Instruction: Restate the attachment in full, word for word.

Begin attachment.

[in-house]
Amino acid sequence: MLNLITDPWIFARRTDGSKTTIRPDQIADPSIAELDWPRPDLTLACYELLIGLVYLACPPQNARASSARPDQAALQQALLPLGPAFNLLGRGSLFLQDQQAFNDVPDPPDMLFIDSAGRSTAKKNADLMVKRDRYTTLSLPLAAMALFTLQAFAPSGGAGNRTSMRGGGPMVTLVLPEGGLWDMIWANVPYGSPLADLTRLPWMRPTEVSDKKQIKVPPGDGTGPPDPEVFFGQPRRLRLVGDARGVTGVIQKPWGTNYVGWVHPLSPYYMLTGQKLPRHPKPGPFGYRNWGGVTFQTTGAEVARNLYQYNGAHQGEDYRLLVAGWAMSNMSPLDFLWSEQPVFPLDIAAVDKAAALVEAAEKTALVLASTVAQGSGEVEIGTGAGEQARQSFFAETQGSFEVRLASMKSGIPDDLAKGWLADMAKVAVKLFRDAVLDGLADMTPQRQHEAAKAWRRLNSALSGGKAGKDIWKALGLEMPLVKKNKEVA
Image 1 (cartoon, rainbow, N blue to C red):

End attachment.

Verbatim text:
[in-house]
Amino acid sequence: MLNLITDPWIFARRTDGSKTTIRPDQIADPSIAELDWPRPDLTLACYELLIGLVYLACPPQNARASSARPDQAALQQALLPLGPAFNLLGRGSLFLQDQQAFNDVPDPPDMLFIDSAGRSTAKKNADLMVKRDRYTTLSLPLAAMALFTLQAFAPSGGAGNRTSMRGGGPMVTLVLPEGGLWDMIWANVPYGSPLADLTRLPWMRPTEVSDKKQIKVPPGDGTGPPDPEVFFGQPRRLRLVGDARGVTGVIQKPWGTNYVGWVHPLSPYYMLTGQKLPRHPKPGPFGYRNWGGVTFQTTGAEVARNLYQYNGAHQGEDYRLLVAGWAMSNMSPLDFLWSEQPVFPLDIAAVDKAAALVEAAEKTALVLASTVAQGSGEVEIGTGAGEQARQSFFAETQGSFEVRLASMKSGIPDDLAKGWLADMAKVAVKLFRDAVLDGLADMTPQRQHEAAKAWRRLNSALSGGKAGKDIWKALGLEMPLVKKNKEVA
Image 1 (cartoon, rainbow, N blue to C red):